Pediatric trainees' engagement in the online nutrition curriculum: preliminary results

Kadriye O Lewis, Graeme R Frank, Rollin Nagel, Teri L Turner, Cynthia L Ferrell, Shilpa G Sangvai, Rajesh Donthi, John D Mahan
BMC Medical Education 2014 September 16, 14: 190

BACKGROUND: The Pediatric Nutrition Series (PNS) consists of ten online, interactive modules and supplementary educational materials that have utilized web-based multimedia technologies to offer nutrition education for pediatric trainees and practicing physicians. The purpose of the study was to evaluate pediatric trainees' engagement, knowledge acquisition, and satisfaction with nutrition modules delivered online in interactive and non-interactive formats.

METHODS: From December 2010 through August 2011, pediatric trainees from seventy-three (73) different U.S. programs completed online nutrition modules designed to develop residents' knowledge of counseling around and management of nutritional issues in children. Data were analyzed using SPSS version 19. Both descriptive and inferential statistics were used in comparing interactive versus non-interactive modules. Pretest/posttest and module evaluations measured knowledge acquisition and satisfaction.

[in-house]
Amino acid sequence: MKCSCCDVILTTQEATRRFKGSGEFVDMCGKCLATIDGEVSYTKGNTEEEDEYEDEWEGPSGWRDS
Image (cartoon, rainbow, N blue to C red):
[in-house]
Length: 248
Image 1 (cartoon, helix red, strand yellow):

RESULTS: Three hundred and twenty-two (322) pediatric trainees completed one or more of six modules for a total of four hundred and forty-two (442) accessions. All trainees who completed at least one module were included in the study. Two-way analyses of variance (ANOVA) with repeated measures (pre/posttest by interactive/non-interactive format) indicated significant knowledge gains from pretest to posttest (p < 0.002 for all six modules). Comparisons between interactive and non-interactive formats for Module 1 (N = 85 interactive, N = 95 non-interactive) and Module 5 (N = 5 interactive, N = 16 non-interactive) indicated a parallel improvement from the pretest to posttest, with the interactive format significantly higher than the non-interactive modules (p < .05). Both qualitative and quantitative data from module evaluations demonstrated that satisfaction with modules was high. However, there were lower ratings for whether learning objectives were met with Module 6 (p < 0.03) and lecturer rating (p < 0.004) compared to Module 1. Qualitative data also showed that completion of the interactive modules resulted in higher resident satisfaction.

CONCLUSIONS: This initial assessment of the PNS modules shows that technology-mediated delivery of a nutrition curriculum in residency programs has great potential for providing rich learning environments for trainees while maintaining a high level of participant satisfaction.

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